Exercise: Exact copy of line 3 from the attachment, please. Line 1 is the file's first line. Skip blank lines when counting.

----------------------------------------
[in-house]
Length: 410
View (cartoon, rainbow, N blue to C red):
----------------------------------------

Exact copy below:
View (cartoon, rainbow, N blue to C red):